The Flow Model
Balancing Challenge and Skills
Have you ever been so involved in doing something that you lost track of time? Everything around you – from the ringing of phones to the people passing in the hallways – seemed to fade away. Your attention was focused entirely on what you were doing, and you were so engaged that you might even have missed lunch. You felt energized, even joyful, about what you were doing.
Most of us have had this experience at one time or another. Psychologists call this "flow." When it happens, we lose our sense of self, and move forward on instinct, completely devoted to the task before us.
In this article, we'll examine flow in detail by looking into the Flow Model. We'll review how the model can help us understand why we find some tasks much easier than others. We'll also look at how you can use the ideas behind the Flow Model to experience flow more often, so that you can be more productive.
The Flow Model
The Flow Model (see figure 1) was first introduced by positive psychologist Mihaly Csíkszentmihályi. He wrote about the process of flow in his book "Flow: The Psychology of Optimal Experience."
Csíkszentmihályi published his book in 1990, but didn't publish this version of the model until 1997.
Figure 1: The FLOW Model
The model shows the emotional states that we're likely to experience when trying to complete a task, depending on the perceived difficulty of the challenge, and our perceptions of our skill levels.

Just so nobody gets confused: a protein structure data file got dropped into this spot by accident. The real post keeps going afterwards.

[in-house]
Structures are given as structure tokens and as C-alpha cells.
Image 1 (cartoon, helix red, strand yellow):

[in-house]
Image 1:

For example, if the task isn't challenging and doesn't require a lot of skill, we're likely to feel apathy towards it. But facing a challenging task without the required skills could easily result in worry and anxiety.
To find a balance, and to perform at our best, we need a challenge that is significant and interesting, and we need well-developed skills, so that we're confident that we can meet the challenge. This moves us to a position where we can experience "flow" (being totally involved and engaged in the activity).
This state of flow is often observed in people who have mastered their business, art, sport, or hobby. They make whatever they're doing look easy, and they're totally engaged with it.
10 Components of Flow
How do you know when you're experiencing flow? Csíkszentmihályi identified 10 experiences that go with the state of being in flow:
- Having a clear understanding of what you want to achieve.
- Being able to concentrate for a sustained period of time.
- Losing the feeling of consciousness of one's self.
- Finding that time passes quickly.
- Getting direct and immediate feedback.
- Experiencing a balance between your ability levels, and the challenge.
- Having a sense of personal control over the situation.
- Feeling that the activity is intrinsically rewarding.
- Lacking awareness of bodily needs.
- Being completely absorbed in the activity itself.
Remember that all of these factors and experiences don't necessarily have to be in place for flow to happen. But you're likely to experience many of them when flow occurs.
Csíkszentmihályi also identified three things that must be present if you want to enter a state of flow:
- Goals – Goals add motivation and structure to what you're doing. Whether you're learning a new piece of music or creating a presentation, you must be working towards a goal to experience flow.
- Balance – There must be a good balance between your perceived skill and the perceived challenge of the task. If one of these weighs more heavily than the other, flow probably won't occur.
- Feedback – You must have clear, immediate feedback, so that you can make changes and improve your performance. This can be feedback from other people, or the awareness that you're making progress with the task.